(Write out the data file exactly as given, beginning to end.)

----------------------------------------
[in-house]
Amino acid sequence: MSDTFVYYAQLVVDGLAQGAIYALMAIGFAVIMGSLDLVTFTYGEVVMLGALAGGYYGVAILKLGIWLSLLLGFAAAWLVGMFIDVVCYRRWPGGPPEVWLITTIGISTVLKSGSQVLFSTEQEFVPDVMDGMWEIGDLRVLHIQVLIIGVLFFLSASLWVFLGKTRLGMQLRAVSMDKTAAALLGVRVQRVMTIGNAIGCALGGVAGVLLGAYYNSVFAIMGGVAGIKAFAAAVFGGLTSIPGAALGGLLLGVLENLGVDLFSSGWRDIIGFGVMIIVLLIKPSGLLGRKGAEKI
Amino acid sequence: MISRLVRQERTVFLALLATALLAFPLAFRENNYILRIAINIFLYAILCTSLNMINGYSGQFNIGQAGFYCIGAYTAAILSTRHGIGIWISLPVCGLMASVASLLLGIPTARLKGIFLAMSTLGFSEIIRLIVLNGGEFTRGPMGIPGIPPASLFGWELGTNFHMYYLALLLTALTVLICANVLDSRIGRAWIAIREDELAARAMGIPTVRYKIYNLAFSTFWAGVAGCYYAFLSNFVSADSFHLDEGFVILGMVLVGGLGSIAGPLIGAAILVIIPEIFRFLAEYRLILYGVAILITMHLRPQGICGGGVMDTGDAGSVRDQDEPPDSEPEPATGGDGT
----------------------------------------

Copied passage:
[in-house]
Amino acid sequence: MSDTFVYYAQLVVDGLAQGAIYALMAIGFAVIMGSLDLVTFTYGEVVMLGALAGGYYGVAILKLGIWLSLLLGFAAAWLVGMFIDVVCYRRWPGGPPEVWLITTIGISTVLKSGSQVLFSTEQEFVPDVMDGMWEIGDLRVLHIQVLIIGVLFFLSASLWVFLGKTRLGMQLRAVSMDKTAAALLGVRVQRVMTIGNAIGCALGGVAGVLLGAYYNSVFAIMGGVAGIKAFAAAVFGGLTSIPGAALGGLLLGVLENLGVDLFSSGWRDIIGFGVMIIVLLIKPSGLLGRKGAEKI
Amino acid sequence: MISRLVRQERTVFLALLATALLAFPLAFRENNYILRIAINIFLYAILCTSLNMINGYSGQFNIGQAGFYCIGAYTAAILSTRHGIGIWISLPVCGLMASVASLLLGIPTARLKGIFLAMSTLGFSEIIRLIVLNGGEFTRGPMGIPGIPPASLFGWELGTNFHMYYLALLLTALTVLICANVLDSRIGRAWIAIREDELAARAMGIPTVRYKIYNLAFSTFWAGVAGCYYAFLSNFVSADSFHLDEGFVILGMVLVGGLGSIAGPLIGAAILVIIPEIFRFLAEYRLILYGVAILITMHLRPQGICGGGVMDTGDAGSVRDQDEPPDSEPEPATGGDGT